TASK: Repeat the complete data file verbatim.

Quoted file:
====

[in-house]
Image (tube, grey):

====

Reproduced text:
[in-house]
Image (tube, grey):